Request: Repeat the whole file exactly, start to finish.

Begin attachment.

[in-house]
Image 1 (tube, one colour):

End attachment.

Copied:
[in-house]
Image 1 (tube, one colour):